In my last article, Brain to Brain: Running a Smooth Organization Pt1, I looked at how the brain needs stimulation and social activity to create a way to learn and prove behavior. I laid a foundation about the new psychology around neuroscientific research about our brains and how we strive for goals and connection. How the same area and connections in the brain are activated with social pain as with physical pain, which is so often tied with running a smooth organization. Next, I’ll look at how people who lack some desire and stress, don’t fit in with basic threat/reward system of our brains.
Threats to the Brain: Running a Smooth Organization
The next step is to understand what happens to us when we feel that we are under threat. Neuroscientists have identified areas of the brain that are related to different functions, and this knowledge is also fuelling how neurosurgeons can treat different illnesses.
The area of our brain that differentiates us from other primates, mammals and animals in general is the cerebral cortex, at the front of the brain. This is the area of the brain that controls rational, analytical thinking, memory, and most cognitive functioning. Sometime you might hear reference to the term ‘executive functioning.’ This refers to the ability of the cerebral cortex to take control of higher level organization, coding and decoding that take place in the cerebral cortex to allow us to do higher level functions such as making decisions, predicting outcomes, analyzing data, or recognizing patterns.
Stress, Emotions, and Production: Running a Smooth Organization
When we feel like we are threatened, our cerebral cortex starts to shut down and the limbic system, the areas of the brain that regulate emotions, take over. Think of this as a sliding scale, the larger the threat, the more the cerebral cortex shuts down and the limbic system takes over. The noticeable impact of this is that we can’t think or reason as clearly as when we are not under threat. Nor can we access memories, make connections or come up with new insights. As our thinking shuts down, our emotions take over. You can probably relate to the fuzzy feeling you have in your brain when you’re anxious or scared. An ability that increases or improves with more limbic activity is motor skills. You can flee or fight. The amygdala is the specific area of the brain that control emotional reactions and some call the threat response, particularly when it takes over cerebral cortical functioning as an amygdala hijack.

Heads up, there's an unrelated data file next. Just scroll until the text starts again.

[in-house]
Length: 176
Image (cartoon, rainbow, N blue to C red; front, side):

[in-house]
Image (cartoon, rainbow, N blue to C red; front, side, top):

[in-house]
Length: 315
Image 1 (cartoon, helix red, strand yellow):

When it comes to the workplace, your role as a supervisor is to make sure things run smoothly, people have the resources needed to do the job, the strategic objectives are being reached and that people are developing so that they can continue to tackle ever more complex work and/or engage in innovative thinking to drive the agenda of the organization. Your job is also to make sure that there is a low level of threat for team members – whether the threat comes from the organization, people/coworkers, or you! You don’t actually want people to be too happy and/or relaxed because then work won’t get done.
We need a small amount of stress to motivate us, to ensure we’re running a smooth organization, but most of us bring loads of stress with us in our personal, emotional baggage – so don’t worry about inducing any!